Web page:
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ozone

A child receiving treatment for asthma.

Ozone is considered the most widespread of air pollutants. As a result, it is increasingly linked to a host of awful symptoms like asthma attacks, coughing, wheezing, low birth weight in newborns, cardiovascular episodes, short-term memory loss, and increased visits to emergency rooms and hospitals as a result. It is our children, teenagers, seniors and those with lung diseases like asthma that are especially at risk.

Supreme Court columns reach up toward a blue sky.

Over the last few weeks, the nation’s federal courts—including the U.S. Supreme Court—have blessed Americans with four major clean air victories that will save tens of thousands of lives and allow millions of us to live healthier. Some of these achievements came only after years of struggle by Earthjustice and our allies.

A fracking drill rig.

Colorado has emerged as a western ground zero in the fracking boom, with more than 50,000 active wells in the state and 3,000 wells permitted annually on average in recent years. The state is struggling to deal with this staggering growth as well as the changing nature of the industry as operations have moved into communities along the Front Range.

The North Portico of the White House is seen through the fog, April 1, 2013.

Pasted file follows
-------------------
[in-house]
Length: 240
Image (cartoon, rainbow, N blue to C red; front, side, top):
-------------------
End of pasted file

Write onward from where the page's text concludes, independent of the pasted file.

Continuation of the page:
The White House “systematically” delayed finalizing a host of environmental and public health safeguards for political reasons before the 2012 election, reported The Washington Post last February. With many of these rules still awaiting approvals more than a year after the election, the Post recently revisited its investigation into the politics of continued White House delays.

An Exxon refinery in Louisiana.

Six accidents a week and more than two-million pounds of air pollution are what Louisiana residents lived with in 2012—and they can expect more accidents and more pollution. Louisiana’s 17 refineries reported 327 accidents in 2012. The evidence is mounting that many refinery accidents are not being reported, and some of those reported are only due to community member’s forcing industry into the light.

Split view of clear and hazy days in Shenandoah National Park.

Drops of sunscreen-infused sweat sting your eyes as you climb towards the summit; a small price to pay for the panoramic views that lie ahead.

But after finally conquering every switchback, your view of far-stretching vistas is obscured, not by sweat, but by haze created by coal-fired power plants – a polluting problem that afflicts many of America’s 400 national parks.

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About the Earthjustice Blog

unEARTHED is a forum for the voices and stories of the people behind Earthjustice's work. The views and opinions expressed in this blog do not necessarily represent the opinion or position of Earthjustice or its board, clients, or funders. Learn more about Earthjustice.